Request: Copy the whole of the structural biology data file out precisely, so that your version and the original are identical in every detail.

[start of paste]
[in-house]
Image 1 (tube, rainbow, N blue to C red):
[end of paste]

[in-house]
Image 1 (tube, rainbow, N blue to C red):